Results 1 to 7 of 7

Math Help - Ordinary Differential Equation Help

  1. #1
    Newbie
    Joined
    Mar 2010
    Posts
    15

    Ordinary Differential Equation Help

    Hi, can anyone help me with the following question:


    Find the solution of the ODE:

    m(dv/dt)=mg-kv^2

    with the initial condition v=v0 at t=0

    Is it integration by parts that should be used?
    Thanks in advance for any help!
    Follow Math Help Forum on Facebook and Google+

  2. #2
    -1
    e^(i*pi)'s Avatar
    Joined
    Feb 2009
    From
    West Midlands, England
    Posts
    3,053
    Thanks
    1
     kv^2 + m\dfrac{dv}{dt} = mg

    Separate the variables: \dfrac{k}{m}v^2\, dv = g\, dt

    If, as I assume m is mass then it is non-zero and can be cancelled. I have also assumed that v << c so we can ignore relativity
    Follow Math Help Forum on Facebook and Google+

  3. #3
    MHF Contributor
    Prove It's Avatar
    Joined
    Aug 2008
    Posts
    11,319
    Thanks
    1241
    Quote Originally Posted by e^(i*pi) View Post
    \displaystyle kv^2 \cdot \frac{dv}{dt} = m(g-1)
    This is not the same DE as \displaystyle m\,\frac{dv}{dt} = m\,g - k\,v^2...
    Follow Math Help Forum on Facebook and Google+

  4. #4
    MHF Contributor chisigma's Avatar
    Joined
    Mar 2009
    From
    near Piacenza (Italy)
    Posts
    2,162
    Thanks
    5
    Quote Originally Posted by AlanC877 View Post
    Hi, can anyone help me with the following question:


    Find the solution of the ODE:

    m(dv/dt)=mg-kv^2

    with the initial condition v=v0 at t=0

    Is it integration by parts that should be used?
    Thanks in advance for any help!
    Several years ago, during an interesting discussion in an argument [apparently...] 'far from math', I imposted the problem of the fall of an object of mass m with initial speed 0 and initial position L under action of gravity and 'aerodinamic resistance'. The DE that describes the problem is...

    v^{'}= -g + k\ v^{2}\ , \\ v(0)=0 (1)

    In (1) You can separate the variables obtaining...

    \displaystyle t= \frac{1}{k}\ \int \frac{dv}{v^{2}-\frac{g}{k}} + \ln c = \frac{1}{2\ \sqrt{k\ g}}\ \ln \frac{v-\sqrt{\frac{g}{k}}} {v+\sqrt{\frac{g}{k}}} + \ln c \implies

    \displaystyle \implies e^{2\ \sqrt{k\ g}\ t}= c\ \frac{v-\sqrt{\frac{g}{k}}} {v+\sqrt{\frac{g}{k}}} \implies v= -\sqrt{\frac{g}{k}}\ \frac{e^{2\ \sqrt{k\ g}\ t}+c}{e^{2\ \sqrt{k\ g}\ t}-c} (2)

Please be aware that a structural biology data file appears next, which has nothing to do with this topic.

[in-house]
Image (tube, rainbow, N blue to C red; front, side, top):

If we set in (2) v(0)=0 we obtain c=-1 so that is...

    \displaystyle v= - \sqrt{\frac{g}{k}}\ (1-\frac{2}{1+e^{2\ \sqrt{k\ g}\ t}}) (3)

    If we integrate (3) with the condition y(0)= L we obtain...

    \displaystyle y(t)=L-\sqrt{\frac{g}{k}}\ \int_{0}^{t} (1-\frac{2}{1+e^{2\ \sqrt{k\ g}\ \tau}})\ d \tau = L + \sqrt{\frac{g}{k}}\ t - \frac{1}{k}\ \ln \frac{1+e^{2\ \sqrt{k\ g}\ t}}{2} (4)

    May be that, sooner or later', I will explain You what has been the 'scope' amd the 'queue' of the 'discussion' ...

    Kind regards

    \chi \sigma
    Follow Math Help Forum on Facebook and Google+

  5. #5
    Newbie
    Joined
    Mar 2010
    Posts
    15
    Quote Originally Posted by e^(i*pi) View Post
     kv^2 + m\dfrac{dv}{dt} = mg

    Separate the variables: \dfrac{k}{m}v^2\, dv = g\, dt

    If, as I assume m is mass then it is non-zero and can be cancelled. I have also assumed that v << c so we can ignore relativity
    Thats kinda what I was thinking, rearranging and dividing throught by m gives (k/m)v^2+(dv/dt)=g, but multiplying the dt on each side would then give (k/m)v^2+dv=g dt, can you really just get rid of the plus?
    Follow Math Help Forum on Facebook and Google+

  6. #6
    -1
    e^(i*pi)'s Avatar
    Joined
    Feb 2009
    From
    West Midlands, England
    Posts
    3,053
    Thanks
    1
    No, that was a mistake on my part. Please disregard all of my posts in this thread
    Follow Math Help Forum on Facebook and Google+

  7. #7
    MHF Contributor

    Joined
    Apr 2005
    Posts
    15,324
    Thanks
    1294
    Quote Originally Posted by AlanC877 View Post
    Hi, can anyone help me with the following question:


    Find the solution of the ODE:

    m(dv/dt)=mg-kv^2
    \frac{m}{mg- kv^2}dv= dt

    \frac{m}{(\sqrt{mg}-\sqrt{k}v()(\sqrt{mg}+ \sqrt{k}v)}= d

    Use "partial fractions" to do the integral on the left.

    with the initial condition v=v0 at t=0

    Is it integration by parts that should be used?
    Thanks in advance for any help![/QUOTE]
    Follow Math Help Forum on Facebook and Google+

Similar Math Help Forum Discussions

  1. ordinary differential equation
    Posted in the Differential Equations Forum
    Replies: 0
    Last Post: March 7th 2010, 08:08 AM
  2. First order ordinary differential equation
    Posted in the Differential Equations Forum
    Replies: 2
    Last Post: February 13th 2010, 01:46 PM
  3. Ordinary Differential equation
    Posted in the Differential Equations Forum
    Replies: 2
    Last Post: December 11th 2008, 11:44 AM
  4. Ordinary Differential Equation
    Posted in the Calculus Forum
    Replies: 5
    Last Post: October 23rd 2007, 09:24 AM
  5. Ordinary Differential Equation
    Posted in the Calculus Forum
    Replies: 1
    Last Post: October 1st 2007, 06:20 PM

Search Tags


/mathhelpforum @mathhelpforum